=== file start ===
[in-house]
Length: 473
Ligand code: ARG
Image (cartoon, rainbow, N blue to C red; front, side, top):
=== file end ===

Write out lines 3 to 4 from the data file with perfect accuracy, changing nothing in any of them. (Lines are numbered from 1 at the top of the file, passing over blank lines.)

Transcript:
Ligand code: ARG
Image (cartoon, rainbow, N blue to C red; front, side, top):